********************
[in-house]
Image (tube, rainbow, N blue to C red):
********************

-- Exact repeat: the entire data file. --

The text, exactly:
[in-house]
Image (tube, rainbow, N blue to C red):